Well…Boruch HASHEM, the Shmuz has lasted a bit longer. Rabbi Shafier has been saying the Shmuz for over five years now, and it has taken on a life of its own. Hundreds of people now attend the Shmuz at its different locations — weekly in Queens and Monsey, and once a month in Lakewood, Bergenfield, and Passaic.

The most startling part of it all is the range of people who have been affected by the Shmuz. From young children to senior citizens, from Satmar Chasidim to non-religious college students, all come away with a fresh sense of inspiration and understanding. Dennis S. remarked, “I am 64 years old and not observant. I am trying to come back to my faith and owe my coming back to your tapes. Thank you.”

When asked about the goal of the Shmuz, Rabbi Shafier says, “The real goal is to refocus our thinking. The Torah has a very exact way of approaching life, values, and issues. Much of the difficulties that we encounter, whether in relationships or in questions on the way Hashem does things, comes from the lack of answers to basic questions. When we get our values in line with the Torah, then things start to make sense. Life makes sense. My relationship with Hashemmakes sense. To me, this is the key to growth.”

But important as the actual content of the Shmuz is, the way it is given over is what seems to make it so appealing. Every Shmuz gives practical advice from a Torah perspective, interspersed with real-life vignettes, humor, and fascinating facts from the natural world, from history, and even from sports. As one listener remarked, “I hear the messages resonating in my mind at the strangest times. When I want to eat an extra helping of something, I hear a voice saying, “Don’t be a wimp! Have self-control!” When I make a bracha too quickly, I laugh at myself for doing the mandatory ‘mouth twitch’ before eating. Purim time, I found myself sitting in the driveway long after I turned the engine off because I had to ‘find out what happened next’ in the Megilah.”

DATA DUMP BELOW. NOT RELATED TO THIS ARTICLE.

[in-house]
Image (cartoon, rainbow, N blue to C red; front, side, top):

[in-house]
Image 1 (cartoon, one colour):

About four years ago, “The Shmuz” website was developed. At, over 180 shmuzin are available for listening, downloading, or podcasting FOR FREE. The website currently hosts over 7,000 members, with 4,000 downloads occurring weekly in twenty-nine different countries. Recently, the Shmuz became a regular show on Israel National Radio with a new segment being broadcast every Sunday evening at 8:00 PM. The Shmuz is also available on Kol HaLashon.

Until now, the Shmuz in Monsey was given on Thursday nights to men only. First it was held in R’ Rudinsky’s shul, and more recently, it was given at Rabbi Levitan’s shul on Olympia Lane. It has enjoyed a very strong following, but beginning on February 14, 2009, the Shmuz will be given on Motzai Shabbos at Ohr Somayech for men and women. When asked the reason for the move, Rabbi Shafier explained that Ohr Someach allows many advantages, “Many guys complained that Thursday night was a very rough night to leave the house, as their wives need help preparing for Shabbos. And at the new location, the Ezras Nashim is open so that women now can attend. I am very excited about the possibilities that this opens for the Shmuz.

To experience this life-changing shiur, please join us every Motzai Shabbos, beginning February 14, at Ohr Somayech in Monsey, at 9:00 PM. We look forward to greeting you there. For more information, please call 1-.866-613-TORAH.

(Ben Newscenter}